Pre-tweak Joi is designed solely to please, clumsily cycling through various domestic and sexual fantasy archetypes to arrive at a state that her owner finds acceptable. Post-tweak Joi's attempts at seduction take a finer, more nuanced approach. Rather than simply offer up a visual that excites in the moment, Joi constructs an entire series of interactions around the notion of a loving spouse who desires physical and emotional intimacy. K has slowly and methodically built a being with the ability to think and diverge in ways that his programming and stringent defragging do not allow. It's revolt as a micro-aggression, an underling using the only means afforded to his social class to make the tiniest, most private statement of defiance.

Full review
















Brawl in Cell Block 99 takes its time, building early scenes and situations around a character that we come to understand as grim but determined. There's a certain inevitability about Bradley Thomas. If he says he's going to do something, come hell or high water, he will do it.

Full review













Ostensibly the story of Olympic wrestlers Geeta and Babita Phogat, Nitesh Tiwari's Dangal almost immediately reveals itself as a film about the function of being a parent - in this case the father to several girls. Aamir Khan's Mahavir Singh Phogat is a national wrestling champion who never quite made it to the world stage. Without a son to continue his legacy, Phogat concentrates his efforts on his oldest daughters, slowly molding them into freestyle champions.

Phogat's training is total, forcing the children to abandon any emerging teenage vanity, not to mention their mother's faith. Phogat transforms Geeta and Babita into social outcasts. Their discomfort ignored in service to Phogat's idea of a higher calling. There's violence in what this father has done to his children. He has, in a sense, hijacked their identity. Dangal tempers this bubbling outrage by repeatedly demonstrating Phogat's commitment to his daughters. He doesn't ask them to do anything he either hasn't done or will not do himself. When Geeta flounders away from home, finding herself at odds with her passive coach and uncomfortable competing at an international level, Phogat uproots himself, moving across the country to be available to his daughter.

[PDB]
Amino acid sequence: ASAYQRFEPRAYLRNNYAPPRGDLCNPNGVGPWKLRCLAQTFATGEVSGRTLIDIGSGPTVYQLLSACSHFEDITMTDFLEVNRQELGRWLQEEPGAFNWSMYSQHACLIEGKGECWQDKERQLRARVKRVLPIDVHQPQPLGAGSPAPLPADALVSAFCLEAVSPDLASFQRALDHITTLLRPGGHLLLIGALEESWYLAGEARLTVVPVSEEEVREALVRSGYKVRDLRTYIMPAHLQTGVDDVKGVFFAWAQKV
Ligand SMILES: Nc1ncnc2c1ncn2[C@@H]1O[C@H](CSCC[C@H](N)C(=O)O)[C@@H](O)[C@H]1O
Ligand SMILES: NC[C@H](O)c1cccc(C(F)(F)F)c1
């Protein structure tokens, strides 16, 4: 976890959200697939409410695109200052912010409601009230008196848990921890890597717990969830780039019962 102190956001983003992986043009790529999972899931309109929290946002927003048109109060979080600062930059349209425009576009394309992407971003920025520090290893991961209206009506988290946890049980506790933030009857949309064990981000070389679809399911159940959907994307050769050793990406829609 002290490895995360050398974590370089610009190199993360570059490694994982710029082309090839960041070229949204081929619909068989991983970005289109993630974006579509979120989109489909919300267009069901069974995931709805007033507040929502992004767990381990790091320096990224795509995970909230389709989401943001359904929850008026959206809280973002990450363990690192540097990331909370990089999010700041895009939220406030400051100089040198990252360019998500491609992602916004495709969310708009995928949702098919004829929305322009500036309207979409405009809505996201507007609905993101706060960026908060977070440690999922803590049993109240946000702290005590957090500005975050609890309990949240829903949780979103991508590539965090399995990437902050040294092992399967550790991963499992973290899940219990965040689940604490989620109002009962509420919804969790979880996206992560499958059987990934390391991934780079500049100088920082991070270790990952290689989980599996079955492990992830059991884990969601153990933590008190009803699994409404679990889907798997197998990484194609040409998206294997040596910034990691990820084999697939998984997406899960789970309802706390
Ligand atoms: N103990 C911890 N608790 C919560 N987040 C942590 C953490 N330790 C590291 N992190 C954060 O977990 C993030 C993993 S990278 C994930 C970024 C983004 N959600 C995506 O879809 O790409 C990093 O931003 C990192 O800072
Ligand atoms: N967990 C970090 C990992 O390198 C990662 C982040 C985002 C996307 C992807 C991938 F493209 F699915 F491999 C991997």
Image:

Whenever Dunkirk's pace threatens to slacken or, God forbid, provide a gasp of breathing room, the film hurtles off to another temporal point where jeopardy can be piled on until the next natural break. The three stories - The Mole, The Sea, The Air - collide and interconnect frequently, working in service to their own individual dramas while also providing a wider perspective on the unfolding nightmare. Nolan doesn't hold back these convergence points either, we often see disastrous results long before any of the boys summon up the courage to instigate them. These shifting, even clashing viewpoints are another tool used to express the terrifying indifference of collapsing, ruptured machinery.

Full review